Early Career Financial BasicsThe spectrum of financial literacy in medicine is quite broad. Some know enough to take care of everything on their own. The vast majority, however, have a very low financial literacy. Enter here, Smart Money MD who wants to help solve some of this problem in the post Happy Doctor Basics for the Early Career Doctors. Sometimes going back to the basics is just what we need.
Doctors Who Cut BackMaybe it is just my personality, but I love reading series of blog posts. Today we feature a series that recently started. The focus is on physicians who have decided to cut back from full time to part-time work. Given my recent musings on the subject, it should be no surprise to you that this topic interests me. Join in as Crispy Doc chronicles the series of Doctors Who Cut Back to achieve a “low burn, high earn” situation.
- Interview #1 by Vagabond MD: A radiologist who fought off burnout through cutting back. He is also a well known visitor on physician finance sites and financial forums.
- Interview #2 by Hatton1: A semi-retired (then back) OB/GYN doctor. She has her own website, too (Doctor of Finance MD)
- Interview #3 by Xrayvsn: There is a theme emerging here as another radiologist discusses his decision to take back a day each week and how this helped his work-life balance, and likely gave his career increased longevity.
Sober October & the 100th Millionaire InterviewTwo of my favorite financial bloggers teamed up recently in a guest post. The first was written by Physician on Fire as a guest post on ESI Money. In this post, POF discusses his decision to go sober for October. From the financial implications to the health implications, I found this one to be interesting. While it doesn’t rhyme as well… I’m heavily considering doing a sober January as a result of this post. While we are here, I should point you to ESI Money’s 100th Millionaire Interview post where he spends some time answering his own questions. If you want to know more about the man behind Rockstar Finance, this post is for you.
Financial Independence Does Not Solve AllAmanda over at Why We Money recently wrote a post about financial independence. You might think, “hey, that’s right up TPP’s alley… he talks about financial independence (not retiring early) a lot!” Well, my friend, you are spot on. But without proper focus, financial independence can actually cause issues when people think that it will solve all their problems. Why We Money wrote a great post that outlines why financial independence is great, but it is not the end all be all. Check out the post Financial Independence Will Not Make You Happy.
Some Podcast LoveIn times past, I’ve mostly highlighted other bloggers. Given how often I listen to podcasts, I should probably spend some time highlighting these as well. Here are some podcast episodes that I’ve really enjoyed in the last couple of months:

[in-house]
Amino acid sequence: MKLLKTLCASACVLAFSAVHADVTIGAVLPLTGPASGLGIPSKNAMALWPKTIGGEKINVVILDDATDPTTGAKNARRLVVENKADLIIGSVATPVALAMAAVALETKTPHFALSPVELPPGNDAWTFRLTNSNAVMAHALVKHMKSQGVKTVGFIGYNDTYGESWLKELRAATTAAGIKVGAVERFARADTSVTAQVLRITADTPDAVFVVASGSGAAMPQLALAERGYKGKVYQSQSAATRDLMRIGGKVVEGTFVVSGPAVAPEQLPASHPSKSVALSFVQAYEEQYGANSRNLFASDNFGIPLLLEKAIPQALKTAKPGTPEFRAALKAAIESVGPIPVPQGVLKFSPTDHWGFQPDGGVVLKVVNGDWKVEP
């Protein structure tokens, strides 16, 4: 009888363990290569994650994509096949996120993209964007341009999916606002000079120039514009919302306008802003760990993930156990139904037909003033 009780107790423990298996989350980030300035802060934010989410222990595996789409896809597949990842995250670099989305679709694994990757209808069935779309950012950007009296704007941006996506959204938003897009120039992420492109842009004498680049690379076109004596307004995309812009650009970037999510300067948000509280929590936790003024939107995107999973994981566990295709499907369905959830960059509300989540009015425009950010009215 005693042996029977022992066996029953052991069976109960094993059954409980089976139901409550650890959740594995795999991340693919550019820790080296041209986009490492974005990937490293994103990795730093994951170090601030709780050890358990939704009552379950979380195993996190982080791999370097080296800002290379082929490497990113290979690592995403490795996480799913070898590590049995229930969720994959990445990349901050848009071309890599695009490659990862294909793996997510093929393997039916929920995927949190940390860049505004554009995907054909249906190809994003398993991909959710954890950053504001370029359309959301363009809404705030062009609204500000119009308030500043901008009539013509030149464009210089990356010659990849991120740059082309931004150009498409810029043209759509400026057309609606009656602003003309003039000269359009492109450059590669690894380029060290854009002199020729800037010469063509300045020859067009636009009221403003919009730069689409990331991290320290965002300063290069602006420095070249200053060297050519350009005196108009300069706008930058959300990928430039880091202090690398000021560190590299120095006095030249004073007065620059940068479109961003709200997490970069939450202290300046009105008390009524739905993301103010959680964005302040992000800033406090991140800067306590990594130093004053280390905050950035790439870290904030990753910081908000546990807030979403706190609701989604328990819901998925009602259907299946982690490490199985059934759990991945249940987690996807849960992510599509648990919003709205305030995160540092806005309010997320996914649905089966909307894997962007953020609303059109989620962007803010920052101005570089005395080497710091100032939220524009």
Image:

- One of my favorite podcasts is the Financial Residency podcast. Ryan Inman, a fee-only financial advisor, does a great job interviewing people to increase financial literacy for doctors. In a recent podcast, he interviewed Andy Hill from Marriage, Money, and Kids. This was a great episode for anyone who has ever considered teaching their children about money and how money impacts marriage. (This is a passion of mine, too)
- Docs Outside The Box is a podcast run by Dr. Nii Darko, a trauma surgeon. He spends time highlighting physicians who are doing interesting things outside of medicine. In an episode he recorded live at FinCon, he interviews Dr. Bonnie Koo (of the famous MissBonnieMD.com). Check it out as he dives into the backgrounds and decisions of Dr. Koo, a practicing dermatologist.
- Doc G over at DiverseFI and Paul David Thomson (of Ready Investor One) teamed up recently to start a podcast that has a different slant than any other I’ve heard. In their episodes, they interview multiple people all at the same time. In Episode 3, they interview yours truly (The Physician Philosopher) in a podcast episode answering the question, “does financial independence enthusiasm qualify someone to become a financial coach?“
An Update in Our LifeAs I’ve said elsewhere, my family and I recently moved. While I still have the same job – and am a lot closer to one of the hospitals where I work – the move has been incredibly time consuming. From cleaning the old house, taking off the front door to strip and repaint, painting walls, cleaning up the yard, pressure washing the house/patio, buying carpet, etc… it has been a hectic month for us. We love the new house that we moved into, and we kept the house price at a reasonable number (one year’s annual salary for the past twelve months). Oh, and we still need to sell the old house. [Update: we got a list-price offer on the house before it even officially hit the market!]. With the money from the sale, we will be able to put another large dent in the little remaining student loans that we have. All told, the loans should be gone by February or March of 2019 – which is 3 months sooner than our original plan of paying off our $200,000 in 24 months. So, if you have noticed a down trend in my comments on other sites and my social sharing antics, this should explain it all. Hopefully, once we get settled in, I’ll kick back into full swing.
If you have other posts that you feel are worth sharing, send them my way! And, please (PLEASE) visit the posts listed above and share them on social media. A lot of work went into the content on the sites that are shared above.TPP